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Norway

Bankruptcy

Updated 11/2012

Legal requirements

Entrepreneurs may be able to avoid bankruptcy by anticipating difficulties - if they keep a close eye on the financial situation of their business.

There is a difference between bankruptcy in limited companies and bankruptcy in partnerships.

Bankruptcy is dealt with in the following Acts, among others:

Procedure in case of insolvency

An enterprise can avoid going bankrupt if it has good financial management and contacts its creditors at an early stage to assess the situation. By way of negotiations between the enterprise and its creditors, an agreement may be concluded to resolve the debt situation.

Deferral of payment

An enterprise that is unable to meet its commitments can enter into an agreement with its creditors to defer payments or agree upon a new payment schedule. This can help to improve liquidity in the enterprise in the short term, which may be sufficient if the enterprise has a temporary liquidity problem.

Composition

A composition is a percentage reduction of the debt where the creditors grant a remission of part of the debt. A composition means that the business gets into a better financial situation.

Financial restructuring of the balance sheet

This is a measure that involves an analysis of the balance sheet to improve the financial situation in the enterprise by e.g.:

  • selling surplus assets
  • reducing the lock-in period for current assets
  • extending repayment periods for debts
  • options for generating new equity

Bankruptcy

If the enterprise cannot settle its liabilities and other measures have been considered without a solution being found, bankruptcy is the last resort. The assets of the enterprise are converted into cash and distributed pro rata among the creditors.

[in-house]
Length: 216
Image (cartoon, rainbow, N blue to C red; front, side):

A condition for initiating bankruptcy proceedings is that the enterprise (the debtor) must be insolvent. When someone has decided to file for bankruptcy, a request to open bankruptcy proceedings is sent to the local court.

Responsible institutions

To open bankruptcy proceedings, the district court is the authority the enterprise needs to apply to. The district court mainly handles civil disputes and criminal cases.

How to handle bankruptcy

In the event of insolvency/bankruptcy, the Bankruptcy Act and the Satisfaction of Claims Act provide guidance on settling claims from creditors.

Entrepreneurs having experienced bankruptcy should not lose confidence in their ability to embark on a new business.

Administrative procedures

Procedure in the event of bankruptcy: a guide

The application for bankruptcy must be made in writing. If the debtor is a private individual, the application should be submitted to the district court where he/she lives. If the debtor is an enterprise, the application should be submitted to the district court where the business is run.

Expert guidance should be obtained on how to lay out the application for bankruptcy. For example, the bankruptcy court or a lawyer may be contacted beforehand.

When the district court has received an application for bankruptcy, the debtor is usually summoned to a meeting. The person who applied for bankruptcy will also be summoned.

The district court can then take a view as to whether the conditions for initiating bankruptcy proceedings are in place. Alternatively, proceedings may be opened in the debtor's absence.

If the debtor is declared bankrupt, the district court will normally appoint a lawyer as official receiver.

The person who wishes to have someone declared bankrupt must lodge security to cover the costs of the bankruptcy proceedings.